WASHINGTON -- Regulators have closed a small bank in Wisconsin, bringing the number of U.S. bank failures to 18 this year.
The Federal Deposit Insurance Corp. said Friday that it has taken over Bank of Wausau, based in Wausau, Wis.
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The lender, which operated a single bank branch, had about $43.6 million in assets and $40.7 million in deposits as of June 30.
Nicolet National Bank, based in Green Bay, Wis., agreed to assume all of the failed bank's deposits and to buy roughly $29.9 million of its assets.
The FDIC will retain the remaining assets for later disposition.
The failure of Bank of Wausau is expected to cost the deposit insurance fund $13.5 million.
Bank of Wausau is the second FDIC-insured lender in Wisconsin to fail this year. In May, the FDIC shuttered Banks of Wisconsin, based in Kenosha, Wis.
U.S. bank failures have been declining since they peaked in 2010 in the wake of the financial crisis and the Great Recession.
In 2007, only three banks went under. That number jumped to 25 in 2008, after the financial meltdown, and ballooned to 140 in 2009.
In 2010, regulators seized 157 banks, the most in any year since the savings and loan crisis two decades ago. The FDIC has said 2010 likely was the high-water mark for bank failures from the recession. They declined to a total of 92 in 2011.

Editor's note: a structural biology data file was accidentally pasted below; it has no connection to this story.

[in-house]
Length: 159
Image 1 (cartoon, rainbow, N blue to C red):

Last year, bank failures slowed to 51 -- still more than normal. In a strong economy, an average of four or five banks close annually.
The sharply reduced pace of bank closings shows sustained improvement.
From 2008 through 2011, bank failures cost the deposit insurance fund an estimated $88 billion, and the fund fell into the red in 2009. With failures slowing, the fund's balance turned positive in the second quarter of 2011.
The fund had a $35.7 billion balance as of March 31, up from $32.9 billion at the end of December.
The FDIC expects bank failures from 2012 through 2016 will cost the fund $10 billion.